The classic coat
This pattern is the perfect basic for fit and flare style coats. Although the pattern picture is in my opinion very unflattering, the style looks lovely on almost any body type. I love the fit and flare for structured garments since it can really help creating the illusion of hips, shoulders or just accentuate the goodies that are already there.
I liked the result so much that I offered to make 6 more for a dance show I was participating in. This challenge intrigued me since I would have to measure and fit 6 very different people, of age, style and body type. It was really fun to do, but also slightly nerve racking since I was sewing on a tight schedule and I was hugely afraid that they wouldn't like the result. I shouldn't have feared however. I does put me in the position to say that this pattern can be worn by anyone, with any shape or age and still look fabulous.
The instructions where pretty clear to me, it was my first time sewing a coat and also with wool and I referenced them quite heavily. I learned a lot, but some techniques could have been explained more thoroughly for a beginning sewist (setting in tailored sleeves,...) there are however tons of very educational blogs and videos around so I highly recommend those. I found that making a coat was not as daunting a task as I had imagined it would have been. My striped fabric made the cutting of the fabric a real challenge as well since I had gotten it in my head to match as many stripes as possible. This turned out pretty fine, if I say so myself.
|Look ma! lovely stripes that match!|
|Even at the pockets!|
One of the things that made sewing for so many so challenging was the sizing of this pattern since it's holds a very narrow range: you only get three sizes in an envelope so you've got to be pretty sure that your size group is the right one. There aren't any overlapping sizes so if your between sizes and one is in one envelope and the other in another you're out of luck. I've chosen size 8, but should have gone with size 6 since I've got a lot of room to spare even with massive winter sweaters on.
For fabric I used second hand wool out of an ancient stash for my own coat. Out of witch I was only able to squeeze slightly more than the shortest length. For the show I made these up in a cheap fabric with some body, they turned out to be pretty wearable as a mid season coats.
If you would ask me what I dislike about this coat (witch I've worn to death over the past two winters) I would be hard pressed, but I've managed to think of somethings...
1. I've made it two inches short and it doesn't cover most of my dresses, so I look kind of layered like a Christmas tree.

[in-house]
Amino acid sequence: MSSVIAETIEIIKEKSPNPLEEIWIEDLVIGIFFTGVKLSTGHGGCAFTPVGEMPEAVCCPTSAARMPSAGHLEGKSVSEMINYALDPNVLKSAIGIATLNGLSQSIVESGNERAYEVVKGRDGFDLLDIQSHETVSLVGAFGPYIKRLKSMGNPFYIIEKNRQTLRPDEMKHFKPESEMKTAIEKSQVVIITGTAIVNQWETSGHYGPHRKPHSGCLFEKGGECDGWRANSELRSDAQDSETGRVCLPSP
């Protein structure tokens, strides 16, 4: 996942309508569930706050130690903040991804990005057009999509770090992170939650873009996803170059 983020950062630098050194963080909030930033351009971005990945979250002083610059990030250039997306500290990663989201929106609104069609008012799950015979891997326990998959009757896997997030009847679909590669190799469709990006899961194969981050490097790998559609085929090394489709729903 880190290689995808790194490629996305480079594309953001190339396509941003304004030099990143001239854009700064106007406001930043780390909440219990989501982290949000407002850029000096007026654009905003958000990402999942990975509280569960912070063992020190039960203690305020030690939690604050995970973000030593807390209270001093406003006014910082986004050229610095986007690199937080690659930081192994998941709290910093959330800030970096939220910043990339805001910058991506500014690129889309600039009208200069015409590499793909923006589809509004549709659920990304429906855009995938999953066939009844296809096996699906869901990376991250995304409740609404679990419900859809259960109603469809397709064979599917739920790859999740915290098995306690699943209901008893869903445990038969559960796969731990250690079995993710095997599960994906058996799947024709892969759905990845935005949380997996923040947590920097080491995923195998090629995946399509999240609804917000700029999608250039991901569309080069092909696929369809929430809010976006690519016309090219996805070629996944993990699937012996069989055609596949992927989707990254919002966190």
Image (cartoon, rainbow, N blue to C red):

2. Even though I made this in a wool and it's fully lined it's not nearly warm enough as is to be worn as a real winter coat. I've added an extra layer of padding to make it wearable but only realised i would have to do this at the time I was sewing the lining. I added the padding to the lining but this makes my coat look poofy and uneven. Not something I should have done as an afterthought. the coat was however meat to be a wearable muslin and it certainly has been worn a lot.
A direct result of this is that my seam is bunching up quite a lot in the front, I think this is due to the french tacks they make you do to the (much to heavy in my case) lining. This pulls the fabric down quite a bit, I omitted those in the picture of the show coat below and you can clearly see the difference.
3. I dislike that I can't turn back time and remake this with the sewing skills I have now, since it would turn out even better, but that isn't really a dislike, just an excuse to make another one soon...
2. There are a lot of design options in one envelope, this is (as advertised) a great pattern to start out with and modify, a true classic and it will no doubt be one of my turn to patterns for many years
3. I love my pattern matching, It's my secret, very nerdy source of happiness to know that I'm wearing a coat that has been carefully thought of an lovingly constructed and has no signs of 'wonky' stripes.
4. I love how much I've learned making this and how much I've even learned more making this 6 times over and having to modify the one pattern to 6 wonderfully different shapes.
5. I love to be able to say that I've made myself a COAT!
I regret that I don't have a group picture of everyone in their coat, with all of the hustle and bustle there just wasn't time the day of the show. I'll have to ask the lovely ladies to supply me with pictures of their own sometime... In the meantime a mug shot of one of the nearly finished coats in my studio...
I have to conclude that even though I've now sew this 7 times, I'd still sew it again. I'd love to have a warmer weather version, a longer version, a shawl collar version, a coat dress version, a colour blocked version and a faux fur cuff version (ofcouse everyone should have one of those right?). I wholeheartedly recommend this pattern to anyone, it's straigthforward, classic and a great starting point for so much more creativity.